REVIEW: Buffy the Vampire Slayer: Season 11 #2

Where do I even start with this issue? There are so many things to unpack, things to address. I could avoid all of it if I just turned a blind eye and gave a bare bones review. Isn’t that what people want anyway? They want A-B-C happened and here is our score. Cut and dry. Simple.

There is nothing simple about this title. It started off as an outlet for fans of the television series to continue their love and support of the characters that they had come to know and love. It was a simple continuation of a Sci-Fi action series. Buffy fights monsters. You have your witty banter from the Scooby gang, a few plot twists, a couple of cameos from the old TV episodes and everyone goes home happy. That was the basis for this series right? I mean that’s what I read when I picked up season 8.

Now it’s season 11 and like most shows on TV that have run for this long it’s time to say goodbye and pull the plug. The Buffy universe needs a fresh start and it is painfully apparent in this latest installment. The book has moved so far from the source material that it no longer reflects the ideals and elements that made the TV show popular to begin with. This is quickly turning into a train wreck. Do fans really want to see their beloved characters in this storyline? Let’s break it down and you can decide.

The new season kicked off with a tsunami crippling San Francisco where Buffy and the gang now reside. This is all thanks to a storm God, the Shenlong Dragon, which we do not see in this issue.

Now that set up sounds like classic Buffy; she is at the center of a supernatural crisis that only she, and her supernatural companions, can take on. It sounds familiar, feels familiar. It should work right? Well … not exactly.

In this issue we are watching the gang deal with life after the tsunami. The city is in recovery mode. Displaced citizens are living in F.E.M.A. trailers. The magic and supernatural community have been outed on national television.

And here is where the series falls apart.

Remember all those fun and entertaining troupes that I just mentioned a minute ago? Take all of that and now stuff it into a storyline that wants to jam its politically motivated fist down your throat. Doesn’t that sound fun kids? Why waste time fighting vampires and monsters when we can read about how the government is going to round-up everyone and put them in internment camps. (I wish I was joking about this, sadly I’m not)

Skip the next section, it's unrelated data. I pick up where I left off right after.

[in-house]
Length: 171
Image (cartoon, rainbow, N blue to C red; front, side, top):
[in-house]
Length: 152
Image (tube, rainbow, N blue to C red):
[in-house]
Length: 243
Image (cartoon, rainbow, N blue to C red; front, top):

We have mentions of the industrial prison complex, the government violating civil rights, untrustworthy politicians, riots, mobs, looting, internment camps, and on and on and on.

I understand where Christos Gage is coming from. After watching the country get so mired down in the election and listening to the anxiety surrounding the incoming president; it’s easy to allow those themes to seep into your writing. But this is the wrong series, wrong time. The talk of politics is so thick in this issue that it spoils the story. Sure, we get a few panels of Willow witching out and there’s a monster that gets pelted by a mob … it’s all in service to a through line of how those that are different are going to be singled out and violated. Both involve a hate-filled mobs of racists.

It’s plain to see that Gage is trying to tap into the current undertones of our modern world. The plot of this comic is a thinly veiled commentary on the rising tension of race relations, anti-muslim mentality, and bigotry/racism. All valid points, but again it’s not the subject matter that you want to find in a freaking Buffy the Vampire Slayer comic book. It’s like writing your anti-government manifesto on the back of a furniture outlet flyer. You may feel that you’ve said what you wanted to say, but in the end who is going to give a shit?

Again, I understand that there is a place for this kind of narrative in comics, but NOT THIS ONE. Buffy is not known for being a series that tackles tough political topics. It’s supposed to be fun. If Gage is itching to write social commentary so badly then he needs to take on a title that reflects those ideals and subject matter. The only thing that it accomplishes in Buffy is to pull off the magic trick of making the audiences disappear.

The art in this issue looks rushed and sloppy. The characters look clunky, chunky, and stiff. I’ve seen better work from Rebekah Isaacs. I’ve seen her do better artwork on Buffy. I don’t know what happened here but the art falls flat. Everyone is prone to off-issues, but when paired with the politically heavy plot that Gage is writing, the art could have been the saving grace to this issue. Instead it has reminded me that this comic has seen its better days.

I know that there is a very large fan base that still follows the adventures of Buffy via the comic, but sadly I will be the one to say it. Either it’s time to take this title out back and shoot it, or it’s time for a re-launch that puts the comic in closer alignment with the TV series. The book has gotten too far away from its roots and the current politically charged plot will only serve to drive away its remaining fans in droves.

This title has flat lined. It’s just a matter of time before Dark Horse pulls the plug.

Final Score: 1 Star

Story: Christos Gage
Art: Rebekah Isaacs
Colors: Dan Jackson
Letters: Richard Starkings
Publisher: Dark Horse


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